Review: SUCKER PUNCH - Zack Snyder's 'Sweet Dreams' Are Made Of Shit...

rating: 1

(Our third review of Sucker Punch, and the one I have a feeling I will most side with when I get around to seeing Zack Snyder's movie). WARNING: This is a critique, not a review, and as such contains discussions of detailed plot points that are almost certainly spoilers for those of you who haven't seen the film. "Sweet dreams are made of this" state the Eurythmics, as a child loses her mother and is physically abused by her stepfather, "who am I to disagree?" The answer to that question should be: any reasonably minded person. Of course, we're supposed to believe it's an intelligent juxtaposition. The dreams aren't sweet at all! Hahaha! We're making a joke of this young girl's suffering in a hideously sepia-toned MTV throwback of an opening. Is that OK? Maybe it is. Maybe we're all supposed to laugh as Emily Browning, who, according to one shot added late in editing, is 20 (despite being dressed as a schoolgirl, wearing pigtails, being shot to look small, and named 'Babydoll') is brutalised in this insane asylum where attractive teenagers are pimped out by an orderly. I don't find that poor-man's attempt at dark irony very funny. And it's about as original as using 'Where Is My Mind' by the Pixies or 'White Rabbit' by Jefferson Airplane in a tale of mental illness, which, by the way, Zack Snyder actually does. Even less funny are the legion of basic filmmaking flaws that riddle this story from start to finish. The story is centred on Babydoll (Emily Browning), a girl who has lost her mother, been molested by her father, shot her sister, and is now in an insane asylum where her stepfather has bribed an orderly to fast-track a lobotomy to erase her memory. Once inside, she escapes the ordeal of her system rape by imagining herself in a brothel (yup, I'm serious, she ESCAPES to a brothel) where she must dance for prospective 'clients'. Whilst dancing she imagines computer game parodies: dragons, steampunk Nazis and massive samurai, literal representations of the figurative demons she is fighting. This all sounds very clever doesn't it? Three levels of reality, each representing a part of her consciousness. It's a layered, ingenius idea, not a middle-aged wet dream at all. Honestly. It's a bit like 'Inception' some might say. The trouble is that Snyder utterly fails to reconcile the three universes in any meaningful way, Babydoll fantasises the brothel out of nowhere once she enters the asylum and we never know quite how the two fit together. Similarly, her visions that come when she dances are the only thing we see once the music starts. How does her vision interact with the brothel? Or the asylum? What does her dance look like? We're never told. And we're not supposed to care because we're distracted by nonsensical CGI and Emily Browning's pants. Worse still, in abstracting these character's problems so far into fantasy Snyder utterly detaches us from their plight. Something I would argue is worse than negligent, it's a cynical ploy to get the 12A certificate that allows markets this story of abused teenage girls to be marketed to teenage boys. Healthy stuff. Babydoll's struggle is represented entirely in a 5-minute music video and a series of computer-game battle sequences. We never hear her speak, we never see her suffer. When we're in the brothel, we only ever cut to his sepia-soaked computer-game-fetish worlds and NEVER, not once, cut back to the reality of the mental institution. The result is not only that we can't ever grasp enough of Babydoll's tortured existence to truly empathise with it, (even in the final lobotomy cut stolen directly from Terry Gilliam's 'Brazil'), but that we are invited to join in with the sexualisation of Babydoll and her scantily clad friends. We're supposed to forget the yucky stuff and just gawp as her skirt rides up in this sequence of king-fu kicks, gleefully imagining what wondrous, sex-tastic dance this equates to in the brothel fantasy. It's cheap and, worse still, boring. If I wanted porn I could just go on the internet. Her cohorts are just as superficial. Sisters Rocket (Jena Malone) and Sweetpea (Abbie Cornish) are supposed to be the heart of the story. But all they ever do is wander around announcing their emotions in the long, drawn-out, dull dialogue sequences that populate much of this film. They, too, supposedly had a troubled childhood, but we saw nothing of it. And when the story ultimately flips and it turns out that the heroine is not Babydoll at all, but Sweetpea, that she was the one destined to go free while all the others die of get lobotomised, I couldn't bring myself to care. Who is she? Why is she happier going home to the parents she left years ago to tell them that her sister is dead? How is this a victory for feminism as Snyder is so desperate for us to believe? The biggest flaw comes in the fact that Snyder masquerades this film as an intelligent story of empowerment. Here's a clue as to why that's obviously a front for some jailbait lechery: the girls mostly die. Other subtle hints include Emily Browning's shrinking outfit, the fact that 60% of the film is set in a brothel where the girls are imprisoned, and that the girls only know what to do at all in this film because they are guided by a mysterious man who really does have their best interests at heart. Worse still, after the whole ordeal, Sweetpea can't even get on a bus without a man helping her get past the nasty policemen. These are problems Snyder has blindly ignored as he spent hour after hour watching VFX guys render his dragons and samurai, and sat choosing shorter and shorter skirts for Browning to wear. Still, at least it's good, mindless, entertainment... oh wait, it's not. The visuals are grey and drab, derived from the screenshots of a dozen video games from 'Dead or Alive' to 'World of Warcraft', the battle sequences have zero peril because they occur only in Babydoll's mind, so there is no thrill or drama to the action, and any dark insights into this horrific world are totally annihilated by the 12A certificate, complete absence of views of the mental ward, and the decision to replace genuine characters with scantily-clad ciphers. This is bilge of the highest order. When I watched the trailer I was among few people anticipating an interesting, dark story from a director with a talent for visual splendour. Unfortunately he has dashed my hopes and left me blistering my fingers as I type critique after critique in penance. Thanks for nothing Zack Snyder. Sucker Punch is in cinema's now.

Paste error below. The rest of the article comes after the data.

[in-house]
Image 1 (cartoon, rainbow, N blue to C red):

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Michael J Edwards hasn't written a bio just yet, but if they had... it would appear here.